Oil stocks are on fire – but in a good way. The sector is the best performer on the S&P/ASX 200 (Index:^AXJO) (ASX: XJO) this morning after the oil price jumped to a four-year high in overnight trade, sparking predictions that it will soon be at US$100 a barrel.
The Brent crude benchmark added another 3.1% to US$81.20 per barrel, its highest price since November 2014, after rising the day before after The Organization of the Petroleum Exporting Countries (OPEC) rejected US President Donald Trump’s call for an immediate increase in oil output.
The market is worried about a supply shortfall due to Trump’s sanction against Iran and a big drop in Venezuelan oil production as its economy teeters on collapse.
Many oil traders believe the Brent price is heading for US$100 a barrel due to a supply crunch but investors shouldn’t get too excited.
The head of BP Plc’s trading business in Asia, Janet Kong, is warning that any spike in the oil price won’t be sustained because the escalating trade war between the US and China hasn’t been factored into the price of crude, according to Bloomberg.
The US’ second round of tariffs on US$200 billion worth of Chinese imports kicked in yesterday. This is on top of the initial tariffs on US$50 billion of imports and US President Donald Trump is threatening to slap tariffs on all US$500 billion-plus worth of Chinese goods coming into his country.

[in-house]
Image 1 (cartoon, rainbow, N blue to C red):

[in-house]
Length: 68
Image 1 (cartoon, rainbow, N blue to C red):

The trade war will drag on economic growth and that means lower demand for oil as the commodity is closely linked with economic activity.
But the market is only focused on the upside to the oil price from falling supply at the moment. It shouldn’t be lost on investors that the oil price has diverged from the copper price as trade tension escalated. Copper is seen as a barometer for global economic growth as the metal is used heavily in industrial production and manufacturing.
Believe it a not, there are good reasons for oil bulls’ myopia. The market doesn’t quite know how much oil will be lost from the Iranian sanctions and it could be as high as 1.5 million barrels a day.
OPEC and Russia’s reluctance to lift supply immediately (but rather gradually) means the near-term shortfall could send a shock through the market.
Further, any drop in demand for oil from the global trade war won’t be felt until sometime in 2019, and there’s still hope that the US and China can work out their differences before any material economic slowdown takes hold.
So, while any spike over US$100 a barrel may not last long, I believe our oil stocks can still outperform for the rest of 2018 as I wrote yesterday (click here to read more about this).
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Motley Fool contributor Brendon Lau has no position in any of the stocks mentioned. The Motley Fool Australia has no position in any of the stocks mentioned. We Fools may not all hold the same opinions, but we all believe that considering a diverse range of insights makes us better investors. The Motley Fool has a disclosure policy. This article contains general investment advice only (under AFSL 400691). Authorised by Scott Phillips.